Westpac chief financial officer Michael Rowland said higher loan balances, reduced costs and a strong contribution from treasury and markets during the December quarter had contributed to “a solid start to the year”.
As the bank released a first quarter update, Mr Rowland said Westpac's cash earnings of $1.58 billion increased 74 per cent from the average in the second half of 2021. When excluding notable items, the increase was 1 per cent.
“Our loan balances grew $5 billion, which was pleasing,” he told Westpac Wire.
“We also reduced costs by 7 per cent, which is a great outcome… of the simplification work that all our businesses are starting to undertake.”
To continue the work to simplify the business as part of its ‘fix, simplify, perform’ agenda, Westpac also unveiled changes to the bank’s operating structure, which Mr Rowland expected would further improve efficiencies as the bank targets a cost base of $8bn by 2024, as outlined in the 2021 half year results.
“As part of that cost target, we indicated that we would create a smaller head office to reflect the simplified organisation that we're creating, where we're exiting a number of non-core businesses, (and) simplifying our business through automation and digitisation,” Mr Rowland said.
The structural changes will create a "lean” head office, according to a separate released by the bank today, eventually reducing the size of corporate functions by around 20 per cent. As part of the announcement, chief executive Peter King also signalled changes to his executive team, including the departures of chief risk officer David Stephen and group executive, financial crime, compliance and conduct Les Vance, along with the appointment of incoming chief risk officer Ryan Zanin, who joins from New York’s Federal National Mortgage Association (Fannie Mae).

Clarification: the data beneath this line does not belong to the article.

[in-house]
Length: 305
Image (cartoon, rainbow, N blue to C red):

Mr Rowland said competitive pressures in mortgage and business lending markets contributed to an 8 basis point drop in Westpac’s net interest margin during the December quarter, to 1.91 percent.
“The last 12 to 18 months has been the most significant competition on rates in the mortgage and small business market that I've ever seen,” he said.
“I expect that level of competition to continue, so our challenge is how we respond to that.”
Despite ongoing difficulties for customers caused by the latest wave of COVID-19, Mr Rowland said it hadn’t translated to new stress in the portfolio during the December quarter, and the asset quality of the underlying portfolio had continued to improve.
However, given the continuing uncertainties, such as supply chain disruptions and reduced activity in some sectors, he said the bank had taken a “prudent” decision to increase provisions by $551m, contributing to an overall impairment charge of $118m for the first quarter.
“While … a lot of our customers in specific industries have found it very difficult, particularly those that are in hospitality… our customers have been surprisingly ... robust as we came into the Omicron wave towards the end of last year.”
Although uncertainty remained around the impact of COVID, Mr Rowland said he felt “reasonably positive” about Australia’s economic outlook.
“Westpac’s economists are forecasting more than 6 per cent GDP growth this year,” he said.
“The expectation now is that unemployment will dip below 4 per cent, and that'll be the first time in a lot of people's living memory.
“So, the fundamental settings for the economy are strong, and that augurs well for our business.”